Interview Mapper

Mapper Profile: CyanSnow

You might recognize this week’s featured mapper from their tech-y style, their trippy Mapping/Noodle Extensions wall maps, or from their #00ffff colored Mapping Support presence on the BSMG Discord. Sit down with our first triple threat (mapping, lighting, wall art), CyanSnow.

Q. What inspired you to start mapping?

A. There were songs I liked that weren’t mapped or had maps I didn’t like.

Q. What are your preferred genres of music to map?

A. EDM, Glitchhop, cat themed Dubstep, Electro Swing, Swing, Rock, Metal, Dance, Funk

Q. Are there any other things besides mapping that you’re involved with in the Beat Saber community?

A. Mapping support, modchart/json help, modeling, BeastSaber curation, on occasion I do testplays if asked, and apparently teaching people JavaScript.

Q. Which of your maps are you most proud of or is your favorite?

A. I Said Meow is probably my favorite. I like how some mismaps turned into patterns and how the overall map represents the song. There are a few hits that feel slightly odd to me, but it’s one of my maps with the least of those “I wish I made this, that instead”.

Q. You’ve become pretty well known for making immaculately designed levels for Mick Gordon songs from DOOM, to the point of staying up all hours of the night to get key 6666. What do you enjoy most about making these maps?

A. I don’t know, it’s significantly more work than other maps, I’m miserable throughout most of the process, and I often end up rushing some parts (send help). I guess it’s seeing how people react and how they are left feeling after it makes up for it.`1

Q. Your At Doom’s Gate map was the first ExtraSensory maps released and was wild to play (I almost fell over twice, but it was amazing). What went into a map like that that was above and beyond what you’ve put into your other DOOM maps?

A. Time, lots of time. Aeroluna, Reaxt, and I stayed up late almost every night for about four weeks working on all of the maps for the event. Only for me to change songs in the last week and rush it out “before” the set release date 🙂 

Q. If you could go back in time and talk to yourself as a new mapper, what is the #1 piece of advice you would give?

A. Put more thought into exactly what you’re mapping and how you’re representing it.

Q. If there was an Amazon.com-style “Recommended Mappers” section, who would you show up under as “If you like [so and so], you’d also like [your name]”?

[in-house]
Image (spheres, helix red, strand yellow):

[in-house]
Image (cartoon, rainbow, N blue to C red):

A. CheckThePan, Pixelguy, Saut, Squeaksies

Q. Do you have a signature pattern that you use in all/most of your maps?

A. Considering people named this hit after me, I’d say this one.

Cyan hit pattern
The “Cyan Hit”

Q. What, in your opinion, is the single most challenging thing for a new mapper to master in order to be successful?

A. Learning exactly why some patterns work and others don’t. This allows you to be more adaptive and better represent the music. And the same advice I would have given myself early on, put more thought into exactly what you’re mapping and how you’re representing it.

Q. What style of maps do you most enjoy playing when you play for fun?

A. It’s more about the song for me, but if you’ve got a techy, dancey map on a song I like, I have a new favorite.

Q. Is there a mapping practice that most mappers frown upon, that you happen to think can be used really well in the right hands?

A. 90-degree hits/figure 8’s. When used well, on a fitting song, they have a unique feel and, arguably, can be used to substitute other overused patterns. They give the player a bit of control over how much movement they want to put in. You could hit them similar to horizontals, or (the fun way) hit them with the full figure 8 arcs. 

Q. What does your mapping process look like? 

A. I almost always map first. More and more recently I start out with timing notes, then start working on patterns. I then like to sit on the map for about 2-3 weeks followed by remapping large sections. Next I wait another 2-3 weeks and decide if I want to down map it. If I decide to, I will slowly start lighting over the next 2 weeks before getting annoyed that it’s taking so long and just crank out the remaining lights in one day. The final step is waiting another 2-3 weeks before releasing.

Q. Is there anything else you’d like the Beat Saber community to know about you, your mapping style, or your thoughts on the game itself?

A. I’m not a furry.

Q. But it’s Monday, are you sure?

A. No comment.

Have questions for CyanSnow? Hit them up in the comments!

This article has been lightly edited for spelling, grammar, and clarity.

Comments (2)
  1. Tershrsh says:

    CyanSnow is my hero the first wall map i have played it was his and i love it and love all his maps
    all love <3

  2. amandalawrance says:

    I didn’t have any expectations concerning that title, but the more I was astonished. The author did a great job. I spent a few minutes reading and checking the facts. Everything is very clear and understandable. I like posts that fill in your knowledge gaps. This one is of the sort.

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